My research interests cover a variety of topics both in philosophy and history of the natural sciences. Starting with my PhD thesis (2004), I devoted some studies to Ernst Mach’s philosophy and the idea of description in the physical sciences. In this framework I also approached the work of Heinrich Hertz. From time to time, a certain curiosity and the love for poetry and novels encourages me to deal with a sort of comparative research between science and literature. As regards my most recent activity, I published a book about Ruggiero Boscovich’s science (Ruggiero Boscovich’s Theory of Natural Philosophy. Points, Distances, Determinations. Basel et al.: Birkhäuser 2020).
My research also deals with some structural aspects of the scientific enterprise, which I consider from a historical-epistemological perspective. In particular I directed my attention to the concept of shared discovery – for cases in which priority questions are not particularly relevant, collaboration is more important than competition, researchers are not mutually independent of each other, and resistance to new findings is so marginal that practically plays no role. I am currently exploring the concept of epistemic constraints, meaning any component of the world that prevents us from gaining some definite kind of knowledge in a specific manner and allows or promotes some other specific kind of knowledge in definite manners. In this framework, I am working on the notion of what I call “epistemically constrained collaboration”, i.e., a collaborative mode of research where epistemic constraints prevail over other factors.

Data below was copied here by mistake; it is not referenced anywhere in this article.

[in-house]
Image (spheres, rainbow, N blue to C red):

In the following, I list some papers (PowerPoint documents saved as PDF files) I discussed in conferences and talks as well as some recent academic stuff including books, critical editions, and research articles (click here for the CV with a complete publication list). All the topics involved are eligible for potential BA or MA theses by students.